It would be easy to dismiss former child-prodigy drummer Carringtonís latest as a mish-mash of mid-í60s Miles and hip-hop-infused schmaltz. The latter would be the spoken-word "poem" of the album title (delivered by Malcolm-Jamal Warner, who also plays bass) in the opening and closing tracks. As for the former, trumpeter Wallace Roney is deep in character as Miles, down to every half-valved whimper, melancholy scale, and perfectly deployed half-note rest. And as if that werenít enough, Herbie Hancock, who after all helped invent mid-í60s Miles, is here on two tracks, and when heís not at the piano, Greg Kurstin is offering a credible impersonation.
But put on the blindfold and listen to Roney and tenor-sax Gary Thomas chase each otherís phrases, or check Thomasís heft and rippling patterns on just about any track. Or listen to Herbie break the flow on Lars Danielssonís "Little Jump" with a little tempo-less reverie, just one of the ways in which Carrington maintains an elastic sense of ensemble rhythm without losing the groove. Itís also to her credit that she limits herself to a couple of brief solo features, one of them with a voiceover from the late "Papa" Jo Jones thatís more tough and affecting than corny.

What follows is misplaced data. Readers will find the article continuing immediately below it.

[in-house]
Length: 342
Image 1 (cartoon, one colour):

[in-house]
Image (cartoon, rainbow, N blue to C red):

The Teri Lyne Carrington Quartet, with Mulgrew Miller, Gary Thomas, and John Patitucci, plays Scullers this Tuesday, November 19; call (617) 562-4111.